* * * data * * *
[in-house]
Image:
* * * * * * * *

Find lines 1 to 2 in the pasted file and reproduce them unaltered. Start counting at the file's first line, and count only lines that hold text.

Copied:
[in-house]
Image: